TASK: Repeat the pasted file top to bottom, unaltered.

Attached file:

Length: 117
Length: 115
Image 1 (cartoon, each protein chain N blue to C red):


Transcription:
Length: 117
Length: 115
Image 1 (cartoon, each protein chain N blue to C red):